by guest blogger Maya Rodale, author of smart and sassy romance novels
With all due respect to my idols, Sheryl, Beyoncé, and the other women of the #BanBossy campaign, I most certainly will not ban bossy. In fact, you can call me bossy flossy, the boss lady, or whatever variation of the B-word you want. In fact, I insist on it. Does that make me bossy? I hope so.
According to the Ban Bossy website and star-studded video, words like pushy, stubborn, and bossy are the reason girls become less interested in leadership by the time they reach middle school. There are probably a variety of reasons for this. But the proposed solution is to simply ban the word bossy. And then what—ban the words pushy, stubborn, bitch, and any other words deemed offensive? The effect of that is silencing the ability to communicate—while the angsty feelings at the root of the problem remain.
Fact: No matter what’s in your pants or up your skirt, something will hurt your feelings—and that’s good! It’s one of the ways we learn how to treat others. You will be called names or be described with words you don’t like—and it’s an opportunity to engage with that person to find out why or a chance to reclaim the word and its meaning. You will encounter stereotypes, both in your favor and against you. You’ll be judged, get a bad grade, have your heart broken, and scrape your knee. It’s called life. Deal with it.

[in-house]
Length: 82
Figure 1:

Learning to navigate all those tricky situations and using them as a way to fortify yourself rather than as an excuse to drop out is how you grow up to be a boss. Being a boss is hard. People will call you worse things than bossy—they will do so publicly—and you can’t do anything about it. You will have to deal with everyone’s feelings about everything. You will have to make so many decisions your head will hurt at the end of the day. To get the job done, you will need to be stubborn (or tenacious), pushy (or assertive), or even bossy. If you can’t handle being called bossy, then you have some work to do before you’re ready to be a boss.
Instead of banning the word, let’s teach leadership skills to kids and reward instances of leadership when we see it. Let’s also acknowledge that not everyone can be or even wants to be the alpha dog, and that’s okay.
Sheryl and her crew are right about one thing: Words do matter. The attitudes we attached to them are real and powerful. But the meanings and connotations of words also evolve over time. Banning one is a temporary solution at best. If you really want to change the perceptions attached to the words, you have to use them in a new way, loud and proud. So #CallMeBossy.
What do you think of the word bossy?
Maya Rodale is the author of multiple historical romance novels, as well as the nonfiction book Dangerous Books for Girls: The Bad Reputation of Romance Novels, Explained. She has a master’s degree from New York University and lives in Manhattan with her darling dog and a rogue of her own. Her latest book is The Wicked Wallflower. Visit her online at mayarodale.com, or say hello to @mayarodale on Twitter.